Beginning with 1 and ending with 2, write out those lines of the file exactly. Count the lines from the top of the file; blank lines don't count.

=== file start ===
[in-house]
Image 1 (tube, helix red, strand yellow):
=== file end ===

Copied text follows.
[in-house]
Image 1 (tube, helix red, strand yellow):